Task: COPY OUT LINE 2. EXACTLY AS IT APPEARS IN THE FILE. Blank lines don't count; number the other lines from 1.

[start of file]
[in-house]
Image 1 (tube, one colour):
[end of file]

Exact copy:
Image 1 (tube, one colour):